let us say the question is about an electric dipole or about a magnetic dipole. It is very similar for magnetic or electric dipole.
Let an electric dipole of charges +q at point A and -q at point B be attached by a thin weightless dielectric rod AB of length 2a. The electric dipole moment is 2 a q = p. The thin rod id held fixed at a pivot O in the center of AB. It can rotate freely in the plane of electric field E and the dipole axis.
Let there be an electric field E uniform in that region. Let the electric dipole line joining them make an angle with the electric field E. Then there is a force F on +q in the direction of E, and F = + qE. There is a force on the charge -q (coulomb's force) F2 = - F = -q E.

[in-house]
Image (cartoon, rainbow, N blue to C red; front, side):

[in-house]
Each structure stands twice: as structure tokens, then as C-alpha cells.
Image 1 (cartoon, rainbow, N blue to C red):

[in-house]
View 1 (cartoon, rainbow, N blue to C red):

Since these two forces are not collinear, they do not cancel. There is a torque around the fixed point O. Because F and -F try to rotate the rod AB in the same direction.
magnitude of Torque = sum of arm length * force
= a Sin θ * q E + a Sin θ * q E
= 2 a q E Sin θ = p E Sin θ
In vector notation, we have
T = Sigma r X F = a q E Sin θ k + (- a) ( - q E) k
= 2 a q E Sin θ k = p X E
The dipole and field are in x-y plane and torque is perpendicular to them is parallel to the z axis, passing through O.